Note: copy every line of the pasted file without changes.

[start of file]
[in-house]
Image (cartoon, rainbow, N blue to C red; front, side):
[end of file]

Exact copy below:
[in-house]
Image (cartoon, rainbow, N blue to C red; front, side):